Over a week ago, the state of Michoacán was subjected to several attacks on Pemex and CFE installations; a total of 24 gas stations and electrical installations in towns like Uruapan, Zamora and Apatzingán were targeted with Molotov cocktails and gunfire. No one was hurt, but 420,00 energy consumers were affected; the attacks resulted in a dramatic increase in security around energy facilities across the country. Authorities have declared that the attacks were perpetrated by organized crime as a result of conflicts with groups known as the “autodefensas” (“self-defenses”), local vigilantes starting their own war against the cartels. Could these attacks be referred to as instances of terrorism? Curiously enough, it would not be the first time this applied to the state of Michoacán; on September 15th 2008, two fragmentation grenades were detonated in key locations in the city of Morelia. Those events were referred to as terrorism, although no political or criminal group claimed responsibility; they were later associated with drug cartels.
The Merrian-Webster dictionary defines terrorism as “the use of violent acts to frighten the people in an area as a way of trying to achieve a political goal”. However, the word tends to be directly associated with very specific geopolitical systems that Mexico, for the most part, is independent of. Even when Mexico was directly threatened by some Al-Qaeda communiqué calling for attacks on U.S. energy suppliers, the reaction of most Mexicans was to laugh and make jokes about imaginary terrorist operatives attempting in vain to sabotage a system that is too busy sabotaging itself to care.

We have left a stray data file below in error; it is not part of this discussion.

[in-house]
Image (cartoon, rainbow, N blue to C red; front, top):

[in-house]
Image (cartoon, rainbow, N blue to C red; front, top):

However, the vulnerability of energy facilities as targets for these sorts of attacks is hard to deny. It is because of this that, as a response to these attacks, the federal government significantly increased army and police presence around energy facilities both in Michoacán and in the rest of the country. This is not the first time that heavy surveillance and public security surround the energy industry; fuel theft has also been a strong cause for concern that has led to constant increases in security measures (which were also in the headlines last week after several Pemex employees were arrested for leading a fuel theft ring). This is obviously a separate phenomenon, but it is an important part of understanding the ground in common between the Mexican oil and gas industry and the national security state established by Ex-president Felipe Calderon.
What perhaps is most worrying is the idea that energy facilities are being considered as legitimate civilian targets in the strategy of criminal organizations that see themselves as being at war with the state. Attacks on oil and gas facilities in other parts of the world usually have a political or environmental dimension that makes them easier to contextualize or understand; in Mexico, the matter is complicated by the lack of clear demands, motives or clauses inherent to the actions of drug cartels. One could say that the Mexican oil and gas industry’s nature as a target is complicated by the fact that they are a de-politicized target despite the energy industry’s tendency to cause political inflammation.